Imagine you’re a member of Congress. You have your own preferred way to reduce debt. If you’re a Democrat, it probably involves protecting Medicare and raising taxes. If you’re a Republican, it probably involves cutting spending, reforming Medicare and keeping taxes low.

Your plan is going nowhere. There just aren’t the votes. Meanwhile, the debt ceiling is fast approaching and a national catastrophe could be just weeks away.

At the last minute, two bipartisan approaches heave into view. In the Senate, the “Gang of Six” produces one Grand Bargain. Meanwhile, President Obama and John Boehner, the House speaker, have been quietly working on another. They suddenly seem close to a deal.

There’s a lot you don’t know about these two Grand Bargains….

You are being asked to support a foggy approach, not a specific plan. You are being asked to do this even though you have no faith in the other party and limited faith in the leadership of your own. You are being asked to risk your political life for an approach that bears little resemblance to what you would ideally prefer.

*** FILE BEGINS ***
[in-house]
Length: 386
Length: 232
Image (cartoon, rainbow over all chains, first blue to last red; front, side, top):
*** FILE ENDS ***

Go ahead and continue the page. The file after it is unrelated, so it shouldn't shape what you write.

Do you do this? I think you do….

You do it because while the Grand Bargains won’t solve most of our fiscal problems. They will produce some incremental progress. We won’t fundamentally address the debt until we control health care inflation….

Both Grand Bargains produce real fiscal progress. They aim for $3 trillion or $4 trillion in debt reduction. Boehner and Obama have talked about raising the Medicare eligibility age and reducing Social Security benefit increases. The White House is offering big cuts in exchange for some revenue increases, or small cuts in exchange for few or none. The Gang of Six has a less-compelling blend of cuts, but it would repeal the Class Act, a health care Ponzi scheme. It would force committees across Congress to cut spending, and it would introduce an enforcement mechanism if they don’t. Sure there’s chicanery, but compared with any recent real-life budget, from Republican or Democratic administrations, these approaches are models of fiscal rectitude.

You do it because both bargains would boost growth. The tax code really is a travesty and a drag on the country’s economic dynamism. Any serious effort to simplify the code, strip out tax expenditures and reduce rates would have significant positive effects — even if it raised some tax revenues along the way….